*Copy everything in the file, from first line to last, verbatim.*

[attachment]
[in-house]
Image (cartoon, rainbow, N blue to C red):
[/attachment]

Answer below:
[in-house]
Image (cartoon, rainbow, N blue to C red):